(Reuters) – Bausch Health Companies Inc has agreed to pay $300 million to settle an antitrust lawsuit accusing it of illegally maintaining a monopoly on the diabetes drug Glumetza, enabling a nearly 800% price hike in 2015.
Lawyers for companies that bought Glumetza and filed the class action against Bausch disclosed the deal in a court filing Wednesday, official zoloft asking U.S. District Judge William Alsup in San Francisco to approve it. The case had been scheduled to go to trial next month.
“Plaintiffs are pleased with the settlement, which recovers for the class a very substantial portion of the overcharges that they suffered,” Steve Shadowen, a lawyer for the purchasers, said in an email.
Bausch could not immediately be reached for comment.
Glumetza, an extended-release version of the widely used drug metformin, was first marketed in 2005 by Depomed Inc and Santarus Inc, which was later acquired by Bausch.
The buyers claimed in their lawsuit that Depomed and Santarus in 2012 paid off competitor Lupin Pharmaceuticals Inc to delay launching a generic version of Glumetza until 2016 by agreeing to drop a patent lawsuit and provide other benefits.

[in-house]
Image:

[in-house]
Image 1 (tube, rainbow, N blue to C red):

The resulting monopoly allowed Bausch, then called Valeant Pharmaceuticals, to hike the drug’s price in 2015 to $51 per tablet, from $5.72, they said.
Depomed, now known as Assertio Therapeutics Inc, and Lupin were also sued in the case. Assertio has settled, though terms have not been disclosed, while Lupin is still expected to go to trial in October.
Agreements to delay generic drugs, like the one in 2012 over Glumetza, are known as “pay for delay” deals and have been the subject of numerous antitrust lawsuits. Plaintiffs’ lawyers said in Wednesday’s filing they believed their deal, if approved, would be the largest or second-largest recovery ever obtained in such a case.
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